This wouldn’t be the first time a Major League Soccer team has been connected to Mexico’s Giovani Dos Santos. Three years ago, links between the current Mallorca man and the Houston Dynamo captivated a few orange minds. Now, thanks to Mallorca’s relegation from the Spain’s La Liga, it’s no surprise “Gio” has hit the MLS rumor mill again, this time with a team and a price that might be a little more enticing to the 24-year-old attacker.
Nothing against the Dynamo, who we all know are a great organization, but for people outside Major League Soccer, there’s one team that outshines them all. Add in a rumored $8 million offer and you can see Dos Santos softening his reluctance to move closer to home, perhaps acquiescing to what would be one of the more notable deals in Major League Soccer history:
Translated roughly: Gio has an offer from the Galaxy and MLS for $8 million – greater than offers from Valencia and Queretaro (the same Queretaro that will be playing second-division soccer next season).
It’s unlikely that money is a per season number (is that his wages, a transfer fee – what?), but on a relegated team after failing to cement spots at Barcelona and Tottenham Hotspur, it’s unclear Dos Santos is going to have a ton of better options. He could take less playing time and maybe less money to go to Valencia, or he could look at a two-to-three year stint in Major League Soccer as a way to position himself for a big return to Europe. And if he does so while playing for the best team in the league on a lucrative deal, all that’s left is overcoming any type of stigma youhemay personally attach to ditching Europe for Major League Soccer.
And at this point, that stigma is all in a player’s mind. If you’re getting good money to play in the post-Beckham Major League Soccer, nobody’s going to begrudge your decision. If it’s good enough for Thierry Henry and Alessandro Nesta, most will see it as good enough for anybody, and while those players are at a markedly different point in their careers than Dos Santos, players will apply the same logic. When you hear random players (think Phil Neville) say they watch Major League Soccer, see improving quality, and note they could see themselves playing in the league, it’s often more than lip service. Whether you agree with it or not, that’s often how they actually feel.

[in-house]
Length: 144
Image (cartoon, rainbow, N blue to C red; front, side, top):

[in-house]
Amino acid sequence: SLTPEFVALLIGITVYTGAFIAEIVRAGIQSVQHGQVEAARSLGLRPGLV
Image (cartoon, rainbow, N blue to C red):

If Giovani Dos Santos can get over the opposing (and still fervent) idea that MLS is a retirement league for European stars, Major League Soccer makes a lot of sense. Especially because he’s not a European star. In CONCACAF, we know what Dos Santos can do, and if he came to Major League Soccer, he would be one of the league’s best players from day one, but at 24 years old, he’s yet to make a major impact in Europe. He showed flashes (well, in one game) at Barcelona, was good at Racing Santander, and was decent enough for Mallorca this year, but he’s not exactly an established difference-maker. He’s not leaving an Bechkam-, Henry-, Di Vaio-esque career behind.
I’m a little more interested in how this would work for LA. In theory, he could play either behind Robbie Keane or wide while Landon Donovan moves into that counter attack-orchestrating role that tore teams apart in last year’s playoffs. And if Donovan doesn’t re-sign after the season, Dos Santos becomes a great option to build an MLS attack around. But I could also see Dos Santos dropped into this year’s team, being a bit of a stylistic mismatch, and aimlessly floating (particularly, in defense) as he fails to find in a team with a very specific ethos.
In that sense, there’s some risk to this move on both sides, although Dos Santos does meet some bigger picture goals. As was discussed when the Kaká-to-Los Angeles rumors were at their peak, the Galaxy’s local deal with Time Warner has kapt them conscious of their market demographics. That means giving Latino and Latina customers reason to identify with the team, whether that translates at the turnstiles or in broadcast viewers.
Dos Santos would check that box, and he does so while providing the Galaxy with what would be one of the league’s bigger talents. Considering the salary and the place Dos Santos finds himself in his career, this rumor makes sense for all involved. That’s not to say there wouldn’t be notable risks, but there are certainly enough positives for each side to justify the deal.